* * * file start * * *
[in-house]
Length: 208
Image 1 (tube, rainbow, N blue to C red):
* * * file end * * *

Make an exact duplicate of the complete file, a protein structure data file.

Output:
[in-house]
Length: 208
Image 1 (tube, rainbow, N blue to C red):